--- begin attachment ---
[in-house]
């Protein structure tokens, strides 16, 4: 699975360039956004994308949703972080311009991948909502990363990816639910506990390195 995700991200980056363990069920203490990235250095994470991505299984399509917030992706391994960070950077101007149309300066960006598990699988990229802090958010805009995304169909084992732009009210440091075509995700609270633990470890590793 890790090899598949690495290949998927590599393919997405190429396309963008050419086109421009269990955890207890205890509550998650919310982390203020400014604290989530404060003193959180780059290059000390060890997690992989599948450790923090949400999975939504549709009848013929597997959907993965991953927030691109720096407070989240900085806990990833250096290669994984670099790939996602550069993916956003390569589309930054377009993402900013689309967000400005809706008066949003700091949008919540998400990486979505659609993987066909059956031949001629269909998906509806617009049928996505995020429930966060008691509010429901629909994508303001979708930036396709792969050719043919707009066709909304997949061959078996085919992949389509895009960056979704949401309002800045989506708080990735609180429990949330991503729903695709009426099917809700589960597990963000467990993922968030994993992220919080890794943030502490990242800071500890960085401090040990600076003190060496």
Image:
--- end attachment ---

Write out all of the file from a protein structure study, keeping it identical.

[in-house]
């Protein structure tokens, strides 16, 4: 699975360039956004994308949703972080311009991948909502990363990816639910506990390195 995700991200980056363990069920203490990235250095994470991505299984399509917030992706391994960070950077101007149309300066960006598990699988990229802090958010805009995304169909084992732009009210440091075509995700609270633990470890590793 890790090899598949690495290949998927590599393919997405190429396309963008050419086109421009269990955890207890205890509550998650919310982390203020400014604290989530404060003193959180780059290059000390060890997690992989599948450790923090949400999975939504549709009848013929597997959907993965991953927030691109720096407070989240900085806990990833250096290669994984670099790939996602550069993916956003390569589309930054377009993402900013689309967000400005809706008066949003700091949008919540998400990486979505659609993987066909059956031949001629269909998906509806617009049928996505995020429930966060008691509010429901629909994508303001979708930036396709792969050719043919707009066709909304997949061959078996085919992949389509895009960056979704949401309002800045989506708080990735609180429990949330991503729903695709009426099917809700589960597990963000467990993922968030994993992220919080890794943030502490990242800071500890960085401090040990600076003190060496």
Image: